Talking Connection, Reality and Structure with Rebecca Applebaum, Director of REALITY THEATRE at SummerWorks
Interview by Madryn McCabe
MMC: Tell me a bit about the show.
Rebecca Applebaum: Reality Theatre is unlike any other show I’ve ever seen or been a part of. It has four storylines all split in two and it’s almost structured like a palindrome, which I love. Every storyline is different: in length, in how the characters relate to each other, in the worlds that they live in, and in many other ways as well. With each story having two separated parts, there’s a sense that time has passed in each world while we’ve been away from them watching the others. And we get to tune back in just at the right moment.
MMC: What drew you to this show?
RA: I casually mentioned to Julia (Lederer, playwright of Reality Theatre) that I wanted to be a director during a period of time when we were working intensively together on two projects. She casually replied that I could direct her next play (I know, Right!?) And then she sent me the script for Reality Theatre. I read it and thought it was great. And as I’ve spent more and more time with the script, from that initial reading, to auditioning actors, to rehearsal, to performance, I’ve found myself discovering more and more how truly brilliant the writing is—how insightful, how hilarious, and how truthful it is about human vulnerability, relationships and our need for connection, as well as how misguided we often are in our attempt to figure out what to do with our lives.
MMC: Reality Theatre is made up of eight, smaller plays. How do they all connect with each other and what was it like directing eight smaller plays as opposed to one long one?
RA: A couple of themes that connect the plays and come to mind right now (and there are many) are human fallibility and the absurdity of a lot of human endeavor (be it an online quest to find a YouTube guru or selling your soul for eternal youthfulishness). And then on another side of that coin, there’s the process of facing reality after not looking at it for so long. And of course, the plays are all connected by Julia’s unique and wonderful voice, language, and ingenious comedic sensibility.
In terms of directing different plays within one piece, one of the first things that I started thinking about was how to differentiate each world. I started thinking about how each world could have a distinct relationship to the space of the theatre. So that was my initial approach to how to stage the show. One of the worlds plays with distance, one plays with vastness, another with confinement, and another with connectedness.
MMC: The plays talk about maintaining human connection in a world where communication technology is always evolving. Some would argue that all of these different technologies are better for connecting with each other, while others find it impersonal. How do you feel about all of the different ways we are able to communicate with each other? How did that affect your approach to directing?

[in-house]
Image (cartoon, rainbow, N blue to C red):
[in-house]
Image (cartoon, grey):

RA: The pair of plays that are most clearly about our relationship to technology are both written with the three characters on stage together but in their own technological silos—connected but disconnected, staring intently at their screens or interfaces but blind to their surroundings. Seeing them all together like that let’s us see ourselves in relationship to each other despite the isolation we often inadvertently impose on ourselves. And with all of Julia’s brilliant humour and it being in a theatre with people laughing all together, I think it grounds us back in a shared reality and places us in a collective experience that gives us some space and perspective on our relationship to technology.
MMC: This year’s SummerWorks programming is based on the question “how do we come together?” How does Reality Theatre fit into that idea, or answer that question?
RA: Theatre is how we come together! Also, all the stuff I’ve mentioned about how the play shows us our need for human connection and brings us to an experience of shared reality.
MMC: Is there anything you want to tell the audience before they see Reality Theatre?
RA: Some trivia that people might be interested in:
- Originally the show was written for two men and one woman. We cast the show with two women and one man and completely changed how the roles were distributed between the actors.
- This may be obvious, but my generally very observant friend didn’t see it, so I thought I’d mention it just in case: the set’s backdrop (designed by Christine Urquhart) references and is a recursive copy of the exposed archway over the Factory Mainspace stage (which is usually covered by masking).
Company: QuestionMark-Exclamation Theatre
Directed by Rebecca Applebaum
Written by Julia Lederer
Performed by Akosua Amo-Adem, Krista Morin, and Andy Trithardt
Set Design by Christine Urquhart
Costume Design by Brandon Kleiman
Lighting Design by Claire Hill
Sound Design by Andy Trithardt
Produced by Stephanie Jung
Reality and fantasy blur for a woman playing a spoon in Beauty and the Beast. A man reconsiders a contract signed in blood. And the world wide web disappears into thin air. Reality Theatre is a fast moving collection of short, interwoven plays that explore our anxieties about change, the acceleration of technology, and maintaining human relationships in a world quickly becoming less human.
Factory Theatre Mainspace
125 Bathurst Street, Toronto, ON
Saturday August 12th 3:00pm – 4:00pm
Sunday August 13th 8:00pm – 9:00pm